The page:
Players divided over NFL’s plan to donate millions to social justice groups

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Some feel like the league is only doing it to hush protesters and cause internal strife.

As controversy continues in the NFL over players kneeling during the national anthem, it seems the league has come up with a solution: Donate millions to help Black Americans. But players are torn on the plans and some see the attempt as “hush money” to silence the protests.

NFL players and league officials came to a tentative deal Wednesday night that would provide up to $100 million to organizations such as the United Negro College Fund and Dream Corps, according to the New York Times. The donated funds, which will accumulate over the next seven years, come partly from owners contributing $5 million in 2018 to national projects, increasing to $12 million from 2021 to 2023. There’s also a plan to pay for local projects, with owners offering $250,000 annually to social justice causes and players matching up to $250,000 as well. Further money can be raised, too, and teams can donate funds through jersey auctions, telethons, and various other endeavors.

ESPN reports that $73 million for national funds have been “vetted and approved,” but owners will still vote on the plan’s local level funding in March. And not every player is onboard.

San Francisco 49ers strong safety Eric Reid and Miami Dolphins wide receiver Michael Thomas are upset after the Players Coalition, a social justice-aligned activist venture within the NFL, tentatively agreed to the deal. For them, the funds are an attempt to buy off protesters, encouraging players to stand up for the national anthem in exchange for donations. While there isn’t any explicit language in the deal that forces players to stop kneeling or sitting during the national anthem, “the NFL hopes this effort will effectively end the peaceful yet controversial movement,” according to ESPN.

Ultimately, Reid and Thomas walked away from the Players Coalition, angering NFL Commissioner Roger Goodell.

“The Players Coalition was supposed to be formed as a group that represents NFL Athletes who have been silently protesting social injustices and racism,” Eric Reid wrote on Twitter. “However, [Coalition leaders Malcolm Jenkins and Anquan Boldin] can no longer speak on our behalf as we don’t believe the coalition’s beliefs are in our best interests as a whole.”

Other players have since spoken out as well. Los Angeles Chargers offensive tackle Russell Okung thinks the NFL is writing off the coalition by earmarking cash payments. Why fight racism when you can just throw money at organizations until protesters calm down?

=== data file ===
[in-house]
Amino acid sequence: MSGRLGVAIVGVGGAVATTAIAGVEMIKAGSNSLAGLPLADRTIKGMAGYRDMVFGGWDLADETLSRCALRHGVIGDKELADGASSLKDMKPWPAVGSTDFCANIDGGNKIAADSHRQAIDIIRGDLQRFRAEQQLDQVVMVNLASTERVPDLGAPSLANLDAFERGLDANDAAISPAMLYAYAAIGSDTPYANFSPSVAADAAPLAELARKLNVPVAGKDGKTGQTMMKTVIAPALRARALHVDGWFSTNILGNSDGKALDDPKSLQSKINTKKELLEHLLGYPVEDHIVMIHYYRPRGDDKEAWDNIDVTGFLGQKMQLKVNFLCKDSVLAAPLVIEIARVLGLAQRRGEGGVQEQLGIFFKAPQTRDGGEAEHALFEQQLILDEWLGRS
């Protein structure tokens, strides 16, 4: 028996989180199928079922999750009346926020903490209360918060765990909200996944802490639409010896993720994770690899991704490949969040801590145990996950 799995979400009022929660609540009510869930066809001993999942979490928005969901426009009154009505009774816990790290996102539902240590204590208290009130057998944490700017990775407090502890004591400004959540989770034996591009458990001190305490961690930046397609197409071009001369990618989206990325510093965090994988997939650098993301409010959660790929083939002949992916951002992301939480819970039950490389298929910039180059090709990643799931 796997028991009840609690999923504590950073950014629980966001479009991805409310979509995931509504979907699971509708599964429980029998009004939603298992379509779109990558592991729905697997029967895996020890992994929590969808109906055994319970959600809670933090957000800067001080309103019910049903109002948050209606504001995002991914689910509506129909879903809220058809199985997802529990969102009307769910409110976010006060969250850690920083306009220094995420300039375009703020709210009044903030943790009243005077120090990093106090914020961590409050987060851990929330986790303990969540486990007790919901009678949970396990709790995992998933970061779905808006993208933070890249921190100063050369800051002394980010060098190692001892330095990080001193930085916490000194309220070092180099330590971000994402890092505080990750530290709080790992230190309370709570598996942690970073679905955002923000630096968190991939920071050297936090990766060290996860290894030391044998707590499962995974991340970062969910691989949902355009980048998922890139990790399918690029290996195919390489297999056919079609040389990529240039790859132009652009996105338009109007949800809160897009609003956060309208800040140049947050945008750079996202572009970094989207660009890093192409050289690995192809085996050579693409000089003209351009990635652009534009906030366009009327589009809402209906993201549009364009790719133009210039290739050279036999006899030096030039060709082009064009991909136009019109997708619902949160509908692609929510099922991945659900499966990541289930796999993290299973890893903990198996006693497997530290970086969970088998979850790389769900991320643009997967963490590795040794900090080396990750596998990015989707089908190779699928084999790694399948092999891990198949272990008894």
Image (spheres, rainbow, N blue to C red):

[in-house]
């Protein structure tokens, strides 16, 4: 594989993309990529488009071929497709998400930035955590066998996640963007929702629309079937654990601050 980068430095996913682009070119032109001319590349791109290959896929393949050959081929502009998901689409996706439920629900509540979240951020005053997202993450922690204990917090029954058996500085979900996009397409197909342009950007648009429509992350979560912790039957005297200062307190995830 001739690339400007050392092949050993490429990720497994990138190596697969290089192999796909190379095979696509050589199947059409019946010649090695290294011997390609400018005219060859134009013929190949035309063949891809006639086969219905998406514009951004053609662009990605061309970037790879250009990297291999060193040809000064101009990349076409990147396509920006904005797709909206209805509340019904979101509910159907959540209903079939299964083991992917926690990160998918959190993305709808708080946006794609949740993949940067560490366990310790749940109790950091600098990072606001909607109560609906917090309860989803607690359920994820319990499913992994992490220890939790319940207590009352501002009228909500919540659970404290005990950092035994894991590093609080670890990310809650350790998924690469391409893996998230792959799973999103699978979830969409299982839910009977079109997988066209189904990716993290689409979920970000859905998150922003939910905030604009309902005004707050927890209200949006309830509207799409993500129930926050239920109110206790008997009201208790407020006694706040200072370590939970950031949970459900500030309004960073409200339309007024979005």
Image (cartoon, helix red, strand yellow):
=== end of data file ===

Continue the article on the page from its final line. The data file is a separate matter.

“The NFL continues a disingenuous approach to player grievances, refusing to match the urgency of this moment,” Okung claimed, the Times reports. “Their proposal is woefully inadequate.”

Online, many agree, saying the NFL is setting up a narrative that ultimately lands in the league’s favor. If players accept the money, they’re just looking for a fight if they continue to kneel. If they don’t accept the money, then they’re just making the problem all about themselves. Either way, the NFL wins as players fight one another on the proposal.

Others think the deal is fundamentally in good faith, stressing that players can kneel or stand regardless of the league’s personal preferences.

https://twitter.com/CBejos/status/936100572981317632

But most of all, fans are pointing out that Colin Kapernick isn’t even at the table. After all, he started the debate, and he’s still an unemployed free agent.

https://twitter.com/maisondechienvt/status/936262410146648064

In the meantime, President Donald Trump recently criticized kneeling NFL players again, and he even singled out Oakland Raiders running back Marshawn Lynch for sitting during the national anthem. It seems there’s still a long road ahead before the president—and the league itself—stops fanning the flames between the NFL and its players.

H/T ESPN

Ana Valens

Ana Valens

Ana Valens is a reporter specializing in online queer communities, marginalized identities, and adult content creation. She is Daily Dot's Trans/Sex columnist. Her work has appeared at Vice, Vox, Truthout, Bitch Media, Kill Screen, Rolling Stone, and the Toast. She lives in Brooklyn, New York, and spends her free time developing queer adult games.